Now, researchers at UCSD School of Medicine have shown that Magnetic Resonance Imaging (MRI) technology has the potential to non-invasively characterize tumors and determine which of them may be responsive to specific forms of treatment, based on their specific molecular properties. The study will be published on line by the Proceedings of the National Academy of Science (PNAS) the week of March 24.
“This approach reveals that, using existing imaging techniques, we can identify the molecular properties of tumors,” said Michael Kuo, M.D., assistant professor of interventional radiology at UCSD School of Medicine. Kuo and colleagues analyzed more than 2,000 genes that had previously been shown to have altered expression in Glioblastoma multiforme (GBM) tumors. They then mapped the correlations between gene expression and MRI features.
The researchers also identified characteristic imaging features associated with overall survival of patients with GBM, the most common and lethal type of primary brain tumor.
The researchers discovered five distinct MRI features that were significantly linked with particular gene expression patterns. For example, one specific characteristic seen in some images is associated with proliferation of the tumor, and another with growth and formation of new blood vessels within the tumor–both of which are susceptible to treatment with specific drugs.
These physiological changes seen in the images are caused by genetic programs, or patterns of gene activation within the tumor cells. Some of these programs are tightly associated with drug targets, so when they are detected, they could indicate which patients would respond to a particular anti-cancer therapy, according to the researchers.
“For the first time, we have shown that the activity of specific molecular programs in these tumors can be determined based on MRI scans alone,” said Kuo. “We were also able to link the MRI with a group of genes that appear to be involved in tumor cell invasion–a phenotype associated with a reduced rate of patient survival.”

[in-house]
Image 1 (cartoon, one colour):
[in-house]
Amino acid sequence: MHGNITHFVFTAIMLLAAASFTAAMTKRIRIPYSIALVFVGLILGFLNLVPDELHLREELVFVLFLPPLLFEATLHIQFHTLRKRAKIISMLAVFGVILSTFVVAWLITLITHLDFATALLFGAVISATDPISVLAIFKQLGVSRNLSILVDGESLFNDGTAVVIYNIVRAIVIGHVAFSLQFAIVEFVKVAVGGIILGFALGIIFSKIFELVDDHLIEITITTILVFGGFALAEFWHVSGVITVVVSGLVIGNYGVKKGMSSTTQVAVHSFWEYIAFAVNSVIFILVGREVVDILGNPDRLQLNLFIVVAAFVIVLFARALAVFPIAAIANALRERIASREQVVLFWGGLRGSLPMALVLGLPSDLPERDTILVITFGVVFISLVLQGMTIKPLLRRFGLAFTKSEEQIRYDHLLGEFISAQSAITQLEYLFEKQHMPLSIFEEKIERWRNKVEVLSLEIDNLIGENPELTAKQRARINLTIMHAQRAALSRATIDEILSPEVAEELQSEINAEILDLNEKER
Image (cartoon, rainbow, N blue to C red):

Laboratory work that relies on tissue samples is routinely used to diagnose and guide treatment for GBM. However, the biological activity shown may depend on the portion of the tumor from which the tissue sample is obtained. The researchers have shown that MRI could be used to identify differences in gene expression programs within the same tumor.
“Gene expression results in the production of proteins, which largely determine a tumor’s characteristics and behavior. This non-invasive MRI method could, for example, detect which part of a tumor expresses genes related to blood vessel formation and growth or tumor cell invasion,” said Kuo. “Understanding the genetic activity could prove to be a very strong predictor of survival in patients, and help explain why some patients have better outcomes than others.”
Kuo also led a study, published in Nature Biotechnology in May 2007, correlating CT images of cancerous tissue with gene expression patterns in liver tumors. “In the new study, we were able to take a different imaging technology, MRI, and apply it to a totally different tumor type,” he said, noting that the studies open up promising new avenues for non-invasive diagnoses and classification of cancer.
Debra Kain | EurekAlert!
2 million euros in funding for new MR-compatible electrophysiological brain implants
18.12.2017 | Max-Planck-Institut für biologische Kybernetik
PET identifies which prostate cancer patients can benefit from salvage radiation treatment
05.12.2017 | Society of Nuclear Medicine and Molecular Imaging
A study carried out by an international team of researchers and published in the journal Physical Review X shows that ion-trap technologies available today are suitable for building large-scale quantum computers. The scientists introduce trapped-ion quantum error correction protocols that detect and correct processing errors.
In order to reach their full potential, today’s quantum computer prototypes have to meet specific criteria: First, they have to be made bigger, which means...
Since 2016, German and Spanish researchers, among them scientists from the University of Göttingen, have been hunting for exoplanets with the “Carmenes”...
DNA molecules that follow specific instructions could offer more precise molecular control of synthetic chemical systems, a discovery that opens the door for engineers to create molecular machines with new and complex behaviors.
Researchers have created chemical amplifiers and a chemical oscillator using a systematic method that has the potential to embed sophisticated circuit...
MPQ scientists achieve long storage times for photonic quantum bits which break the lower bound for direct teleportation in a global quantum network.
Concerning the development of quantum memories for the realization of global quantum networks, scientists of the Quantum Dynamics Division led by Professor...
Researchers have developed a water cloaking concept based on electromagnetic forces that could eliminate an object's wake, greatly reducing its drag while...
11.12.2017 | Event News
08.12.2017 | Event News
07.12.2017 | Event News
18.12.2017 | Information Technology
18.12.2017 | Physics and Astronomy
18.12.2017 | Agricultural and Forestry Science